ILNews

Indiana AG sues Florida foreclosure firm owned by lawyer

Back to TopCommentsE-mailPrintBookmark and Share

Indiana Attorney General Greg Zoeller has filed a complaint against a for-profit Florida foreclosure consultant company that Zoeller claims operated illegally in 15 Indiana counties and failed to provide refunds to customers after services were not provided.

Named as defendants in the suit are Legal Home Loan Solutions, Federal Home Loan Solutions, Matevia Law Firm, and Thomas C. Matevia, the lawyer who owns all three companies. Zoeller filed the suit Aug. 10 in Hendricks County Court.

Legal Home Loan Solutions violated Indiana's consumer protection laws when it collected thousands of dollars from Indiana homeowners before performing any services, according to the lawsuit.

Indiana law requires credit service organizations and foreclosure consultants to register a $25,000 surety bond with the attorney general's office prior to performing any services as a foreclosure consultant, including collecting money in advance. The bond acts as an insurance policy for consumers in the event the company fails to perform the services and does not provide a refund.

The company also allegedly committed other violations of the Credit Services Organization Act, the Mortgage Rescue Protection Act and Deceptive Consumer Sales Act, by failing to provide the homeowner with notice of various legal rights or of the availability of nonprofit credit counseling, among other things.

The lawsuit lists victims located in Allen, Cass, Clark, Elkhart, Floyd, Grant, Hamilton, Hendricks, Lake, Marion, Monroe, Porter, Steuben, St. Joseph, and Tippecanoe counties.

ADVERTISEMENT

Post a comment to this story

COMMENTS POLICY
We reserve the right to remove any post that we feel is obscene, profane, vulgar, racist, sexually explicit, abusive, or hateful.
 
You are legally responsible for what you post and your anonymity is not guaranteed.
 
Posts that insult, defame, threaten, harass or abuse other readers or people mentioned in Indiana Lawyer editorial content are also subject to removal. Please respect the privacy of individuals and refrain from posting personal information.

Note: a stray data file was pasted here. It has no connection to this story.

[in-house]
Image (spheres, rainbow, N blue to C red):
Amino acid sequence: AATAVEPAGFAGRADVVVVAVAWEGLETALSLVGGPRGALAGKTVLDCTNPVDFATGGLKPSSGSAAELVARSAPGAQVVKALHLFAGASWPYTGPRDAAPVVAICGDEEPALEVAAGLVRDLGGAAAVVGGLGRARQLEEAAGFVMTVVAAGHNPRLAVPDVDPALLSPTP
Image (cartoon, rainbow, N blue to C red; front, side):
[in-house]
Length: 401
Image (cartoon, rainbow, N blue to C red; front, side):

No solicitations, spamming or advertisements are allowed. Readers may post links to other informational websites that are relevant to the topic at hand, but please do not link to objectionable material.
 
We may remove messages that are unrelated to the topic, encourage illegal activity, use all capital letters or are unreadable.
 

Messages that are flagged by readers as objectionable will be reviewed and may or may not be removed. Please do not flag a post simply because you disagree with it.

Sponsored by

facebook - twitter on Facebook & Twitter

Indiana State Bar Association

Indianapolis Bar Association

Evansville Bar Association

Allen County Bar Association

Indiana Lawyer on Facebook

facebook
ADVERTISEMENT
Subscribe to Indiana Lawyer
  1. I need an experienced attorney to handle a breach of contract matter. Kindly respond for more details. Graham Young

  2. I thought the slurs were the least grave aspects of her misconduct, since they had nothing to do with her being on the bench. Why then do I suspect they were the focus? I find this a troubling trend. At least she was allowed to keep her law license.

  3. Section 6 of Article I of the Indiana Constitution is pretty clear and unequivocal: "Section 6. No money shall be drawn from the treasury for the benefit of any religious or theological institution."

  4. Video pen? Nice work, "JW"! Let this be a lesson and a caution to all disgruntled ex-spouses (or soon-to-be ex-spouses) . . . you may think that altercation is going to get you some satisfaction . . . it will not.

  5. First comment on this thread is a fitting final comment on this thread, as that the MCBA never answered Duncan's fine question, and now even Eric Holder agrees that the MCBA was in material error as to the facts: "I don't get it" from Duncan December 1, 2014 5:10 PM "The Grand Jury met for 25 days and heard 70 hours of testimony according to this article and they made a decision that no crime occurred. On what basis does the MCBA conclude that their decision was "unjust"? What special knowledge or evidence does the MCBA have that the Grand Jury hearing this matter was unaware of? The system that we as lawyers are sworn to uphold made a decision that there was insufficient proof that officer committed a crime. How can any of us say we know better what was right than the jury that actually heard all of the the evidence in this case."

ADVERTISEMENT